Making sense of the cancer genome: computing strategies to support personalised cancer care in a clinical setting
It is now becoming possible to examine the genomic data contained within a tumour sample. A number of projects are now collecting this data from large patient groups, including the 100,000 genome project that is helping to develop genomic medicine services for the NHS. This data has the potential to be transformational in cancer care through improved diagnosis, prognosis and the design of "personalised" drug treatment that properly matches the molecular basis of a cancer to an individual's therapeutic requirements.
However this is an enormous task. A cancer is an ecology of cells, representing many different mutated versions of the patient's own genome. As the patient's immune system and the cancer drugs attacks a cancer, the cancer cells themeselves can evolve to respond to this threat.
Cancer genomic data is large, complex and noisy, making it difficult to analyse effectively. Some progress is being made to make medical sense of such data, but this is a complex task. A number of analytical methodologies have been developed in the research setting to work with this data - however much less use is being made of this data to support the treatment of individual patients.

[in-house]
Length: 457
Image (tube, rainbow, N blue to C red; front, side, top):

The Manchester Centre for Genomic Medicine (MCGM; based at St Mary's hospital) is has a strong background in translational cancer research and including:
- discovery of the genetic basis of rare cancers
- development of companion genomic testing that can target cancer chemotherapy
- development of screening algorithms to understand familial cancer risk
The MCGM is working as part of the 100,000 genomes project to understand the genomic basic of a wide range of cancer subtypes. Bringing the benefits of genomic science to cancer care will need computer scientists, medical researchers and clinicians to work collaboratively.
This project will therefore be focused very specifically in exploring the ways in which modern computational, bioinformatics and machine learning strategies can be used to analyse this data in ways that directly benefit patients by supporting the development of a "personalised" cancer strategy based on genomic data. To support this work, the student will work of a collaborative team that spans from computer science, through medicine and genomics to the patient.
The successful candidate should have an excellent first degree in Computer Science or related discipline (e.g. mathematics, physics), with interests in bioinformatics. Excellent communication skills are essential. Additional experience in genetics and genomics or other areas of biology are desirable, but are not mandatory.